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When would individual artifacts be used instead of a Specification for requirements?


Mary Miller (87231) | asked Jul 15 '19, 2:28 p.m.

Good day,


I am used to using Specifications for the development of requirements given I came from an organization that consistently used SSS, SSDD, SRS, design descriptions, test descriptions, etc.

Would there be any instance of when would create individual sets of requirements instead of a specification?  What I could find was here:  https://jazz.net/library/article/87165 

However, I personally would advise people use a Specification unless they needed to develop requirements in an Agile environment where they needed a backlog of requirements.  

Are there any other advantages of creating an individual set of requirements vs. collecting the requirements in a Specification?

Thanks!

Mary

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Carol Watson (71017) | answered Jul 15 '19, 3:10 p.m.

 Hi Mary,


What we've found works well is to put what we call "Business Rules" in as non-module artifacts. These can include Error Trigger-Type-Message as well as User Interface behaviors.  We then link them to the artifacts in modules where they apply. In our case, our modules are mostly User Interface Requirements.

Our reasons for going this route were:
  • These rules do not have a hierarchy.
  • The same rule often applies in many places throughout the User Interface Requirements.
  • Without the hierarchy of a module, it makes filtering (e.g., all Error Type = Hard Error) cleaner.
  • It helps encourage the users to state each rule separately and not combine multiple rules into one statement (because they know they'll have to link to specific artifacts in the UI Modules).
The whole Module vs. non-module artifact concept is a bit of a learning curve, but even our DOORS 9 users are comfortable with it now.

Hope this helps.

Carol

Mary Miller selected this answer as the correct answer

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Mary Miller commented Jul 15 '19, 4:45 p.m.

 Okay, thanks!  -Mary

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Davyd Norris (2.4k217) | answered Jul 15 '19, 8:37 p.m.
Carol's response is a good one. I would add a few comments to that:
 - when I start looking at the requirements in a new project, I look at their source. If the team normally creates a document to define the particular requirement artefacts, and releases that document as it is written, I capture them in document format
 - if the created document is something like notes from a workshop, where there might be a lot of contextual information or different types of artefact captured, I import it as rich text into a text based artefact, and then use the DNG editor to turn the important information into individual artefacts that will then be more formally used elsewhere. This allows you to capture more informal sessions exactly as they were taken down, but then synthesise the information into something more formal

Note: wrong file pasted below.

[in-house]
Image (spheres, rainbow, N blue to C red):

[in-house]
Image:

- if the created document is a formal specification, I use a Module artefact type from the start, and format it so that it's as close to the output format as possible. I try to make what is in the tool look like what is output from the tool
 - if the requirement artefacts are not normally initially captured in document form, or are more typically represented in a spreadsheet, I just create them directly in a folder. This tends to apply to supplementary information such as Hazard Logs and Controls, Verification and Validation type artefacts (if they are not being captured in the qm application), Glossary Terms, and the like
 - some artefacts often start out in spreadsheets but then get developed further, such as Interfaces. In this case I will define the initial list in a folder, and then as the interface gets turned into a specification I'll also add it to a Module. Often you want to operate on things like Interfaces as a list, but then dig into the details as part of a spec so this works well

So to summarise, my rule is that if people normally create and manage the artefact in a document, then I start it in a specification. If the document is informal and unstructured, I use a text artefact as the specification, otherwise I use a Module. If they normally create and manage it as a list or spreadsheet then I start as artefacts in a folder.

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Carol Watson commented Jul 16 '19, 9:04 a.m.

Davyd,


That makes sense to me and I especially like your last point, starting out with a list of artifacts, then later using them to create a module.  I hadn't thought of that before, but am going to float that idea next time I have a project where that would fit.

Mary, one thing I wanted to mention, our biggest pain point is with the Modules we migrated from DOORS 9.6.  Some were over 10,000 artifacts and three years later I still get complaints about how difficult it is to navigate in them (they miss the DOORS 9 Explorer view).  For new Projects not migrated from DOORS, I'm encouraging them to create "small modules", which in our case means one module per User Interface screen.  That has worked out well, and no complaints from those users.

Carol


Mary Miller commented Jul 18 '19, 1:26 p.m.

Davyd, this is great.  I really appreciate these points. 


Carol, okay definitely a point taken.  I missed that too.  Although I did see an RMS extension that did bring back one thing that I liked from classic DOORS - the ability to see the all the module headings without the text.  

We probably won't use that for now, but it is kind of nice especially for people more familiar with classic DOORS.

Thanks!

Mary


Davyd Norris commented Jul 18 '19, 9:30 p.m.
@Carol - check out the Module Explorer in the DNG Extensions section. Quite a few of my clients use it to get their familiar old DOORS explorer back.

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